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  • From Vol. 4 No.8 (Mar. 4, 2011)

    U.S. District Court Dismisses All Claims by Seattle City Employees’ Retirement System Against Hedge Fund Epsilon Global in Pension Fund’s Suit Seeking to Compel Epsilon to Produce Audited Financial Statements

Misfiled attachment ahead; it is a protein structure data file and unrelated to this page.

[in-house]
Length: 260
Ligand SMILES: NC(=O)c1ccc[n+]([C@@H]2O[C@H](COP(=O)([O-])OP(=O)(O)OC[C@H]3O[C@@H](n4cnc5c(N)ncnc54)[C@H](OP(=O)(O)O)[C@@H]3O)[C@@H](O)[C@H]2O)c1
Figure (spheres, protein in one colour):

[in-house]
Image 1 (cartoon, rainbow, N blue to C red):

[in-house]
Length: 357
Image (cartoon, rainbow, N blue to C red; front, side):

Plaintiff in this action is the Seattle City Employees’ Retirement System (SCERS) which, from December 2003 through December 2004, had invested $20 million in defendant hedge fund Epsilon Global Active Value Fund II, Ltd. (Epsilon or Fund).  Epsilon was a feeder fund that invested substantially all of its assets in defendant Epsilon Global Master Fund II, Ltd. (Master Fund).  The Fund’s offering documents required it to provide an annual report and an annual audited financial statement to each investor within 120 days after the end of its fiscal year.  Following the liquidity crises of 2008, Epsilon failed to produce an annual report or audited financial statements.  In January 2010, as Epsilon continued to fail to produce the requisite reports, SCERS notified Epsilon that it desired to redeem its entire investment.  Epsilon responded that it had suspended redemptions pending completion of its audit.  After negotiations for a partial redemption of SCERS’ position failed, SCERS commenced this action against the Master Fund, Epsilon, its general partner, its investment manager and one of the Fund’s principals.  SCERS sought a temporary restraining order and preliminary injunction directing the Fund to produce the requisite annual reports and prohibiting the Fund from paying fees to its manager pending redemption of SCERS’ interest in the Fund.  By the time of the Court’s hearing on the preliminary injunction request, Epsilon had provided SCERS with unaudited financial statements for 2008 and 2009 and other financial information for the Fund.  In May 2010, the Court ruled that, since completion of the audit was solely in the hands of the Fund’s auditor, it was impossible to order the Fund to complete the audit.  In addition, the Court noted that Epsilon had already provided SCERS with all available information in its possession.  Consequently, the Court denied SCERS’ request for a preliminary injunction.  The parties eventually agreed to dismiss the action without prejudice.  We summarize the claims in the suit and the Court’s decision.